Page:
Hopefully, it’s not really complicated to dig into the code and have a good overview of how Loads is designed, but sometimes a good document explaining how things are done is a good starting point, so let’s try!

You can run Loads either in distributed mode or in non-distributed mode. The vast majority of the time, you want to run several of agents to hammer the service you want to load test. That’s what we call the distributed mode.

Alternatively, you may want to run things from a single process, just to smoke test your service - or simply because you don’t need to send a huge load. That’s the non-distributed mode.

What happens during a non-distributed run

  1. You invoke the loads.runner.Runner class.

  2. A object is created. This object is a data collector, it is passed to the test suite (TestCase), the loads Session object and the websocket manager. Its very purpose is to collect the data from these sources. You can read more in the section named TestResult below.

  3. We create any number of outputs (standard output, html output, etc.) in the runner and register them to the test_result object.

  4. The derivated-class is built and we pass it the test_result object.

  5. A number of threads / gevent greenlets are spawned and the tests are run one or multiple times.

  6. During the tests, both the requests’ Session, the test case itself and the websocket objects report their progress in real time to test_result. When there is a need to disambiguate the calls, a loads_status object is passed along.

    It contains data about the hits, the total number of users, the current user and the current hit.

  7. Each time a call is made to the test_result object to add data, it notifies its list of observers to be sure they are up to date. This is helpful to create reports in real time, as we get data, and to provide a stream of info to the end users.

What happens during a distributed run

When you run in distributed mode, you have a distributed runner (the broker) which defer the execution to one or several agents.

These agents are simple runners that will redirect their results to the broker using a ZeroMQ stream.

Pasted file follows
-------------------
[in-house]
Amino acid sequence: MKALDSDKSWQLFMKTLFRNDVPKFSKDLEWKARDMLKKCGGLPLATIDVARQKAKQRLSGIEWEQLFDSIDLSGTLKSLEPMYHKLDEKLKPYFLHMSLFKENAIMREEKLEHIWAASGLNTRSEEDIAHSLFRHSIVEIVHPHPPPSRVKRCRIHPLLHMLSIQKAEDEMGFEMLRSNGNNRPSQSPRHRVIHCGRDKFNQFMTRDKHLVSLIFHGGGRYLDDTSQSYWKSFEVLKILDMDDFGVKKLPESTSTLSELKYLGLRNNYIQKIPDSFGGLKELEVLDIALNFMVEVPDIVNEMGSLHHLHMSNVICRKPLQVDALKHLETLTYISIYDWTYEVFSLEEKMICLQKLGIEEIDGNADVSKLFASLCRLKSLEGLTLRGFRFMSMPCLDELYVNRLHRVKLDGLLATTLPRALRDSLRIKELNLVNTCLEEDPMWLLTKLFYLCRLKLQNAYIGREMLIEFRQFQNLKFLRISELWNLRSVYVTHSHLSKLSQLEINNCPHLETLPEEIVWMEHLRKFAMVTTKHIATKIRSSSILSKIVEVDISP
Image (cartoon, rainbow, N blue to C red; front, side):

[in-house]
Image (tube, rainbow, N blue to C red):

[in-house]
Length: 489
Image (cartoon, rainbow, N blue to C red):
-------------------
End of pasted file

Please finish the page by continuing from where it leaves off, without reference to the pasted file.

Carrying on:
The relay can be found in the loads/ module. It’s a drop-in replacement for the TestResult class.

The broker gets back the results and store them in a database, then publishes them in turn, so the caller can get them.

A schema might help you to get things right:


All the communication is handled through ZeroMQ sockets, as you can see in the diagram.

In more details:

  1. The distributed runner sends a message to the broker, asking it to run the tests on N agents.
  2. The broker selects available agents and send them the job. Every agent starts a loads-runner instance in slave mode
  3. The broker receives the results back from every agent.
  4. The broker publishes the results so the distributed runner can get them.

The TestResult object

The TestResult object follows the APIs of unittest. That’s why you can use all assertions methods such as addSuccess, addFailure, etc.

Hopefully, people that are used to write Python tests should be familiar with these API and they can use Loads’ TestCase class in lieu of the usual unittest.TestCase class.

Loads’ TestCase class is located in loads/, and implements the same APIs than unittest’s one.

The extra benefit of keeping our class compatible with unittest is that you can also run Loads tests with third party test runners like Nose or unittest2. They will be recognized as classical functional tests.

The Runners

As mentioned earlier, Loads provides more than one Runner implementation. Each of these classes share an implicit interface, allowing us to have more than one implementation of a runner.

For instance, you can see that we have a Runner and a DistributedRunner. The former is a “local” runner: it is able to run the tests locally and output the results directly or proxy them to a ZMQ backend.

The latter, the DistributedRunner, runs the tests on a Loads cluster, using a broker and one or more agents.

A runner has a constructor, which takes an arg argument, a dict, with all the startup options it may need. It is then started with the execute method.

If you want to add a specific behavior, you may need to subclass LocalRunner and change its _execute method (notice how it’s prefixed with an underscore). This method is where all the actual execution happens.